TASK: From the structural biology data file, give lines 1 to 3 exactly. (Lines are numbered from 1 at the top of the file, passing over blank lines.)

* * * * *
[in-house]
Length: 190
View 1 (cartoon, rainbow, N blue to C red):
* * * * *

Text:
[in-house]
Length: 190
View 1 (cartoon, rainbow, N blue to C red):